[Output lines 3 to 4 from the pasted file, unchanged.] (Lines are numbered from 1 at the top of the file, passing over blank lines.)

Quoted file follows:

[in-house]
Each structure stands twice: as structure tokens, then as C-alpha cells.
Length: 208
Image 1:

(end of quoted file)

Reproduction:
Length: 208
Image 1: